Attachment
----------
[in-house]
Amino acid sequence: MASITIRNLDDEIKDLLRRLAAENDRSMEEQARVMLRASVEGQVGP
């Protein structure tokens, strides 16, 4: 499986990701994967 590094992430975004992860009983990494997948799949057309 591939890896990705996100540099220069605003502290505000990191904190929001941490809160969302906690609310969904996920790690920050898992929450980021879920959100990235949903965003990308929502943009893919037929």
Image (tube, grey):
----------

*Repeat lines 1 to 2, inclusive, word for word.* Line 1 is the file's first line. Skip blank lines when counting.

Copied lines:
[in-house]
Amino acid sequence: MASITIRNLDDEIKDLLRRLAAENDRSMEEQARVMLRASVEGQVGP